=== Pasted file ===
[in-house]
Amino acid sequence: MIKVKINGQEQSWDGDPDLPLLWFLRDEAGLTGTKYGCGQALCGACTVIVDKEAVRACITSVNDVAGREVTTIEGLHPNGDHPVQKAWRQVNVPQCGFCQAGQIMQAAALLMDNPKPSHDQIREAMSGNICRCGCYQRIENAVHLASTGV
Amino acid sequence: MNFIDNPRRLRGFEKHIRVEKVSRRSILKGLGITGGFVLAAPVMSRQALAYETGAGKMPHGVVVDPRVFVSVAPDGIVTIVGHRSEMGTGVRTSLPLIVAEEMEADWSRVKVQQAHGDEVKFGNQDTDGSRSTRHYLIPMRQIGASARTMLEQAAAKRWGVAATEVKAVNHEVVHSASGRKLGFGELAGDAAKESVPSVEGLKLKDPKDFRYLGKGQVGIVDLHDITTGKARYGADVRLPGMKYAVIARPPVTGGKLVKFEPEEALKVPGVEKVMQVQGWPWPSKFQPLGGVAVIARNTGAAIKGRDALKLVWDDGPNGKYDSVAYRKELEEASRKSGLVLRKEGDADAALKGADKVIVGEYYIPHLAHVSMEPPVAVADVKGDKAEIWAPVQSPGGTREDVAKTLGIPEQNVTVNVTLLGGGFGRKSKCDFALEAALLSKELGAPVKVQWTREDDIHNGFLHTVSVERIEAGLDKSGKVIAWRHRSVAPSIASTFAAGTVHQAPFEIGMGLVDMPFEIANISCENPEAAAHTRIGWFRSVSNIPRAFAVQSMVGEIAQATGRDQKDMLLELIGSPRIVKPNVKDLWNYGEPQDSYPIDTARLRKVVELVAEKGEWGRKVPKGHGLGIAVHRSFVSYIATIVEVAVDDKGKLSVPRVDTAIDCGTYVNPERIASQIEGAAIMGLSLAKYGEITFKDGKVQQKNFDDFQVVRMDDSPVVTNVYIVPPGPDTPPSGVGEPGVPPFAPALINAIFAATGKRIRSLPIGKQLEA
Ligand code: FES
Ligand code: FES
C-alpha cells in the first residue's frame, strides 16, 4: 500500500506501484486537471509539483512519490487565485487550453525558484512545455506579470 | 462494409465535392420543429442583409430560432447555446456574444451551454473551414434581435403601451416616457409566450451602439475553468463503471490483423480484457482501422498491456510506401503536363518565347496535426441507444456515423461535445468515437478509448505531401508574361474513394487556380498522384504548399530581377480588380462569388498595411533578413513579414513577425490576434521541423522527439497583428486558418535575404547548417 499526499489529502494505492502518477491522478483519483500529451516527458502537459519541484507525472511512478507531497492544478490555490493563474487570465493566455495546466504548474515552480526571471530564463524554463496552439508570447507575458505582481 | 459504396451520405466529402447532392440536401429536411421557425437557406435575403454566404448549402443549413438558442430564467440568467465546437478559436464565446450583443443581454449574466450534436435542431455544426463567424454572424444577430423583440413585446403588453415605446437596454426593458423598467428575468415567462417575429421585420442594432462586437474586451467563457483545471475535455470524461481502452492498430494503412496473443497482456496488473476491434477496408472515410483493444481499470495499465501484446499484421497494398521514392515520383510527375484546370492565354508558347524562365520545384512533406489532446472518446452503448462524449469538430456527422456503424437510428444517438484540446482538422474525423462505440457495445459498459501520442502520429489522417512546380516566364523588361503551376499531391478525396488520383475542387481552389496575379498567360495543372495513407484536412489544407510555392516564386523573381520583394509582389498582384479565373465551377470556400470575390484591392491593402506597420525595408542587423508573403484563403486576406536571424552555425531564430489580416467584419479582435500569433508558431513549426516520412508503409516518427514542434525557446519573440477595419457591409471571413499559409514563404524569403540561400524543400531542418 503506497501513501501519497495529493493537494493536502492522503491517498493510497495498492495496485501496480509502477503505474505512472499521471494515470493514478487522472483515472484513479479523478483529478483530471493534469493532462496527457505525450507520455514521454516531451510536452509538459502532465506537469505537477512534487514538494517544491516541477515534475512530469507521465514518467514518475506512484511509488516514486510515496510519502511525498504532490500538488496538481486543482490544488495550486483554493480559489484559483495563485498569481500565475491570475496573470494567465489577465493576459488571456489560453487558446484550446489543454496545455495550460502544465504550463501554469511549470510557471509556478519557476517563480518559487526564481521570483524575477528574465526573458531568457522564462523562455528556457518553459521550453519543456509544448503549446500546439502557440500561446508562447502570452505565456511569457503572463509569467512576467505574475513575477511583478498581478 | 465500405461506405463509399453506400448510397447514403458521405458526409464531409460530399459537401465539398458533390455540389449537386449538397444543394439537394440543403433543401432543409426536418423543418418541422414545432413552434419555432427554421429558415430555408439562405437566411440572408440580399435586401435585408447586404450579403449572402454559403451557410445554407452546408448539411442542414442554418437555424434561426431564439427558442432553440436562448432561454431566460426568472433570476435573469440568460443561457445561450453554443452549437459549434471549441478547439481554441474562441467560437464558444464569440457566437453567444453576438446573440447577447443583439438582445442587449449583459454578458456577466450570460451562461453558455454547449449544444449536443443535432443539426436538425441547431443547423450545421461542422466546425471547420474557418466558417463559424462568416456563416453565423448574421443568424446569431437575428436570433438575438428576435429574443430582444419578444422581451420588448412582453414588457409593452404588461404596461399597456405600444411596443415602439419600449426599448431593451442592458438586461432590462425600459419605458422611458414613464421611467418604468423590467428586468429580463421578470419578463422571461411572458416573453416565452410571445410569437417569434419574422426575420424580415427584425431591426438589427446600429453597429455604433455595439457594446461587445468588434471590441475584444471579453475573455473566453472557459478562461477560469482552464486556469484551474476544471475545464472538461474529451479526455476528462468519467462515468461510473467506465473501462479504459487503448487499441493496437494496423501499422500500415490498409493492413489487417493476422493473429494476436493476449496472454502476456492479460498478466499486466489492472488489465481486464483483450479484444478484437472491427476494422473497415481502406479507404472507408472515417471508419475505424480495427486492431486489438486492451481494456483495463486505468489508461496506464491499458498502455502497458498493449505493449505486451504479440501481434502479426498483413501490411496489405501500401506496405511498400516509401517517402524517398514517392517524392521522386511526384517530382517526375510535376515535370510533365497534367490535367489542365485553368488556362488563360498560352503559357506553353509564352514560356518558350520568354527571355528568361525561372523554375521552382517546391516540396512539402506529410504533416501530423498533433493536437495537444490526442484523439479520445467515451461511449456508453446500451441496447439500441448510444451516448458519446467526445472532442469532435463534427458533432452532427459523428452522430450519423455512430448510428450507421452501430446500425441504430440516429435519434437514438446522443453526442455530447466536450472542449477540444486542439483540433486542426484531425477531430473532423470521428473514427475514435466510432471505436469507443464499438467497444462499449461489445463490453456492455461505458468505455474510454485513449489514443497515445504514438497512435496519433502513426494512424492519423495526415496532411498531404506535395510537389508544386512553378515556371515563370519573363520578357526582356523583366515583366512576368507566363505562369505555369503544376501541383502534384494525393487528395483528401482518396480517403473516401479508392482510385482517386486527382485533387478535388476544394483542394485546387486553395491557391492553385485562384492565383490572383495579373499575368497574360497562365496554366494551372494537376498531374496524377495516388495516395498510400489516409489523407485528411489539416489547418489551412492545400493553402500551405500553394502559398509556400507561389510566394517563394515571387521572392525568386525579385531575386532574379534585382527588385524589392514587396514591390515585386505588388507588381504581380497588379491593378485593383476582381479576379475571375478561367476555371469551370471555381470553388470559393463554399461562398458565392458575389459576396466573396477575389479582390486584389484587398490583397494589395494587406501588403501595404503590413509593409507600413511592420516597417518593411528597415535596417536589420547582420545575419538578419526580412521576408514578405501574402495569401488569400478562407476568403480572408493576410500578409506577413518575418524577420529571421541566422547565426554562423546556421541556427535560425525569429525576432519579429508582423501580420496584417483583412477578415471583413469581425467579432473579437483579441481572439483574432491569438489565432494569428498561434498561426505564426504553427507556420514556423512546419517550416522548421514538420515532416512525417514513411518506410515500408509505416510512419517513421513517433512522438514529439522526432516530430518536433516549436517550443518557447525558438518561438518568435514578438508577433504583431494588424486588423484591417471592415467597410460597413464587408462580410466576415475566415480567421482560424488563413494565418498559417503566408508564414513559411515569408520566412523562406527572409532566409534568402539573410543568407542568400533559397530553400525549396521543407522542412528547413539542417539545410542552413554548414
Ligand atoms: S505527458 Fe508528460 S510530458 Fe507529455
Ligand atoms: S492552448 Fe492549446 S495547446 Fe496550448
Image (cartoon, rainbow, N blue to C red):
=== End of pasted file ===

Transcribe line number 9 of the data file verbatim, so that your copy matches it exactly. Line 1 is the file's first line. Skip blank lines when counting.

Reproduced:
Image (cartoon, rainbow, N blue to C red):